If several plants also exhibit yellowing with green veins then I recommend purchasing a soil gauge from amazon or a garden center to establish the pH of your soil.
If your soils is significantly out of the range of pH 6-7 then you should grow hibiscus in pots, containers or raised beds rather then garden soil as changing the soil pH is a tricky process.
If at all possible transplant your hibiscus to a pot with multipurpose compost as this provides the right pH level for your hibiscus as long term hibiscus does not survive in overly acidic or alkaline soils without being transferred to more suitable soil.
Lack of Light Can Cause Yellow Hibiscus Leaves
Hibiscus are native to tropical regions of Asia and thrive and flower to their potential in full sun.
If they are in too much shade then this can cause the hibiscus leaves to turn yellow as well as poor overall growth and fewer blooms as this is contrary to their preferred conditions in their native range.
Locate your hibiscus in the sunniest part of your garden. For established hibiscuses, cut back any vegetation that may be casting shade on the plant or any tree limbs to allow for more light.
Move potted hibsiucs to a sunny patio and ensure any indoor hibsicus are in the sunniest window in your hluuse to preevent yellow leaves.
With more sun the hibiscus should recover from its yellow appearance.
Cold Weather Causes Tropical Hibiscus Leaves to Turn Yellow
There are two species of hibiscus commonly grow by gardeners.
- Tropical hibiscus (Hibiscus rosa-sinensis).
- Hardy hibiscus (Hibiscus spp.).
As you would expect the tropical is much more sensitive to the cold whereas the hardy species can tolerate cold weather and live in a far wider variety of climates.
The tropical hibiscus leaves can turn yellow if the temperature drops suddenly from its normal range. Tropical hibiscus cannot tolerate frost and are hardy in USDA zones 9-11.
Therefore it is important to grow a species of hibiscus that its suitable for your climate to avoid yellow leaves.
Tropical hibiscus can also drop their yellow leaves after serious cold shock but can recover if the temperatures stay mild.
Outside of tropical climates the tropical species of hibiscus struggle to survive.
Hardy hibiscus varieties can tolerate frost but should be grown in areas of full sun and notably flower for longer then tropical varieties.
Insect Pests can Cause Hibiscus Leaves to Turn Yellow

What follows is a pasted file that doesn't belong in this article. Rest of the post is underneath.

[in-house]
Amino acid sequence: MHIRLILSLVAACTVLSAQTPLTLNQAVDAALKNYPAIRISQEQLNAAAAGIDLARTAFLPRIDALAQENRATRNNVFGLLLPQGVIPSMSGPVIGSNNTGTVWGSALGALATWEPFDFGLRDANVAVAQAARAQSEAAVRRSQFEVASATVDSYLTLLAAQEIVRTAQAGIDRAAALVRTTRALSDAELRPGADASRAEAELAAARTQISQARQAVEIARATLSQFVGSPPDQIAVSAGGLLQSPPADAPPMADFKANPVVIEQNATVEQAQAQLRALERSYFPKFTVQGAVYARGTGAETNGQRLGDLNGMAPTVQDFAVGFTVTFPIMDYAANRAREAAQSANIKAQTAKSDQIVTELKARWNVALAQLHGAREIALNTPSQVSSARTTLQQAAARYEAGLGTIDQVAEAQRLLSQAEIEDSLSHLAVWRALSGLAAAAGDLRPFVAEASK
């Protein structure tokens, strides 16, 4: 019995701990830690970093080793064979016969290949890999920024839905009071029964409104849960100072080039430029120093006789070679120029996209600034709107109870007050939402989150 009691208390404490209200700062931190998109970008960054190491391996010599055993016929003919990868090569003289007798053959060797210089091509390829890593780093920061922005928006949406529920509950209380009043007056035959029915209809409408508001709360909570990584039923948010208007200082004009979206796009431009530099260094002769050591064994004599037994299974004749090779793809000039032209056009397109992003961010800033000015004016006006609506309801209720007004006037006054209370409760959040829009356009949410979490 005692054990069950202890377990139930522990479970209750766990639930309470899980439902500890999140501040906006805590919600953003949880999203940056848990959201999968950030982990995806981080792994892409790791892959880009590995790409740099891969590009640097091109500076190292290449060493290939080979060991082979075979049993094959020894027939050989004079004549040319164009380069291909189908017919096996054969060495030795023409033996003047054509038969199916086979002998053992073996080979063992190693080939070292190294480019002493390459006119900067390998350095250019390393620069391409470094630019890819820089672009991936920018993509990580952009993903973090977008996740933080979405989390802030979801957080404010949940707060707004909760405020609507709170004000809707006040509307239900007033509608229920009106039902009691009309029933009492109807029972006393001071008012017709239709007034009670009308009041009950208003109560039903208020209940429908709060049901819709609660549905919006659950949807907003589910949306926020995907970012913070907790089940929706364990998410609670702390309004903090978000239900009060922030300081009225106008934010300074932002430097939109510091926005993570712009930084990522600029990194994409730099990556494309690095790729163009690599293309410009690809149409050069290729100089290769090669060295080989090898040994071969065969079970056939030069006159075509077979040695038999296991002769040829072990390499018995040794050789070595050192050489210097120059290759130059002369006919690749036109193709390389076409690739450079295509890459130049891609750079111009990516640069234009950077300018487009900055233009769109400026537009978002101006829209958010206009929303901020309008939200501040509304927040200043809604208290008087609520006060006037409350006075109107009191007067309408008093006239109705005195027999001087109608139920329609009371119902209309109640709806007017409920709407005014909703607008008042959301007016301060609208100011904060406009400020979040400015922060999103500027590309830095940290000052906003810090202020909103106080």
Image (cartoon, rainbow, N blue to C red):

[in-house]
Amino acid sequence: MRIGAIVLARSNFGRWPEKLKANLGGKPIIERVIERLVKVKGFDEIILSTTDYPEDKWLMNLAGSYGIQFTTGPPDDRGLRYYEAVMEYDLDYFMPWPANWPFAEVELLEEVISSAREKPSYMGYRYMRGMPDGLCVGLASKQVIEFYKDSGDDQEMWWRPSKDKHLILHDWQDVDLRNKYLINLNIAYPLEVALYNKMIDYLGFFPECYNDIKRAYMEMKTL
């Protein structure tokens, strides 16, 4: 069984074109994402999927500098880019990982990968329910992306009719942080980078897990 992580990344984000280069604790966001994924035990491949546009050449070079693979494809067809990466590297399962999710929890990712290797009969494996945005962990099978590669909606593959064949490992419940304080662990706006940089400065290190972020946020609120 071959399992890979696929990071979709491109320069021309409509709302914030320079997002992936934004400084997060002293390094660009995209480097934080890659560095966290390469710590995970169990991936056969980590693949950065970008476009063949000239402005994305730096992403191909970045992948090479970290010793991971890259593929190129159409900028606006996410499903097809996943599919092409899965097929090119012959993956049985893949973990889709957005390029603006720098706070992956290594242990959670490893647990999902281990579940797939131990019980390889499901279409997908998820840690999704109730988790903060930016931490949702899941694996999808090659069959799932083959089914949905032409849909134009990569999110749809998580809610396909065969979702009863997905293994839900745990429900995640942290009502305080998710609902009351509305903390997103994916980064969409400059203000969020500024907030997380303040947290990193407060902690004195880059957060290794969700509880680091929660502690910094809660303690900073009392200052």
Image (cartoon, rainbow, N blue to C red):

The healthier your hibiscus is the more resilient it is to pests and disease.
If your hibiscus is under stress due to lack of light, adverse soil conditions etc. then it is more vulnerable to insect infestation.
Whilst there are several insects that can affect hibiscus the most likely candidate for turning hibiscus leaves yellow is the spider mite.
Spider mites cause yellow pin sized spots on your hibiscus, potentially cause in the leaves to drop and fewer flowers on display.
Spider mite infestations however are rarely lethal and can be easily treated.
Spider mites are more common in environments with lower humidity, therefore spraying your hibiscus leaves with mist can be a good disincentive.
For more serious infestations use a insecticide spray derived from neem oil is an effective treatment and is non toxic to other wildlife. It may take two or three treatments to address the spider mite problem. The affected yellow leaves often drop off but the hibiscus should recover.
Insecticides sprays are available for garden centers and amazon.
- The reason hibiscus leaves turn yellow is because of drought stress, over watering, too much nitrogen or too much phosphorous in the soil. Sudden temperature change can cause hibiscus leaves to turn yellow as can a lack of direct sun.
- Drought stress due to sandy soils, excess wind and under watering can cause hibiscus leaves to turn yellow, shrivel up and drop off. Revive the hibiscus by watering more regularly, applying mulch and spray the leaves with a mist sprayer.
- Hibiscus require full sun to grow well and stay healthy. Too much shade causes hibiscuses to turn yellow, drop leaves and display fewer flowers.
- To revive hibiscus, recreate the conditions in which they thrive in their native habitat with full sun, lots of moisture, good drainage and nutrient rich soil.